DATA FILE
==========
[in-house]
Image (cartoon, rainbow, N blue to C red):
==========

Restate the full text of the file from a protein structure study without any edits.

[in-house]
Image (cartoon, rainbow, N blue to C red):